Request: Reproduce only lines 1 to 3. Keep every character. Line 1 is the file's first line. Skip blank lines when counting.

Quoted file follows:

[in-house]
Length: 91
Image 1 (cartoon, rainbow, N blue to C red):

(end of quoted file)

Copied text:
[in-house]
Length: 91
Image 1 (cartoon, rainbow, N blue to C red):